9780429446252 (electronic book) 042944625X (electronic book) 9780429821141 (electronic book : EPUB) 042982114X (electronic book : EPUB) 9780429821158 0429821158
Contemporary Climate Change Debates is an innovative new textbook which tackles some of the difficult questions raised by climate change. For the complex policy challenges surrounding climate migration, adaptation and resilience, structured debates become effective learning devices for students. This book is organised around 15 important questions, and is split into four parts: What do we need to know? What should we do? On what grounds should we base our actions? Who should be the agents of change? Each debate is addressed by pairs of one or two leading or emerging academics who present opposing viewpoints. Through this format the book is designed to introduce students of climate change to different arguments prompted by these questions, and also provides a unique opportunity for them to engage in critical thinking and debate amongst themselves. Each chapter concludes with suggestions for further reading and with discussion questions for use in student classes. Drawing upon the sciences, social sciences and humanities to debate these ethical, cultural, legal, social, economic, technological and political roadblocks, Contemporary Debates on Climate Change is essential reading for all students of climate change, as well as those studying environmental policy and politics and sustainable development more broadly.
Description based upon print version of record. YES: Because it undermines the right to life, to subsistence and to health
Formatted Contents Note
Cover; Half Title; Title Page; Copyright Page; Dedication; Table of Contents; List of figures; List of tables; Acknowledgements; List of contributors; List of abbreviations; Glossary; Introduction: Why and how to debate climate change; 1. Is climate change the most important challenge of our times?; YES: Because climate change is changing everything; NO: Because we cannot address climate change without addressing inequality; PART I: What do we need to know?; 2. Is the concept of 'tipping point' helpful for describing and communicating possible climate futures? YES: It draws attention to the possibility of inadequate response to non-incremental changeNO: It misleads as to the nature of climate change; 3. Should individual extreme weather events be attributed to human agency?; YES: Attribution provides a realistic view of the impacts of climate change and can improve local decision-making and planning; NO: Attributing individual extreme events to anthropogenic factors is not as useful as you might think; 4. Does climate change drive violence, conflict and human migration?; YES: Historically it does, over large scales of time and space NO: Other social, economic and political factors are nearly always more important5. Can the social cost of carbon be calculated?; YES: The social cost of carbon is a simple and practical tool; NO: There are fundamental problems with cost-benefit analysis when applied to climate change; PART II: What should we do?; 6. Are carbon markets the best way to address climate change?; YES: Markets are flexible, efficient and politically feasible; NO: Carbon markets are theoretically flawed and practically ineffective 7. Should future investments in energy technology be limited exclusively to renewables?YES: Accelerating energy transformation requires a commitment to ending fossil fuel investments; NO: A diverse clean energy portfolio delivers wider social and economic benefits; 8. Is it necessary to research solar climate engineering as a possible backstop technology?; YES: Research gives society an opportunity to act responsibly; NO: Because it perpetuates the dangerous illusion that a technological fix for climate change is possible; PART III: On what grounds should we base our actions? 9. Is emphasising consensus in climate science helpful for policymaking?YES: Because closing the consensus gap removes a roadblock to policy progress; NO: Because consensus is narrow and human values are more important for policymaking; 10. Do rich people rather than rich countries bear the greatest responsibility for climate change?; YES: Rich people ought to behave responsibly (before it's too late); NO: Primary responsibility must rest with states and institutional actors; 11. Is climate change a human rights violation?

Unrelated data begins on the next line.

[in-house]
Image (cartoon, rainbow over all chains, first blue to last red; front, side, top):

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Source of Description
OCLC-licensed vendor bibliographic record.